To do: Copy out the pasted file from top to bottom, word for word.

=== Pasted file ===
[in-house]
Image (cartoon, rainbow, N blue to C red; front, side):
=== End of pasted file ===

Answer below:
[in-house]
Image (cartoon, rainbow, N blue to C red; front, side):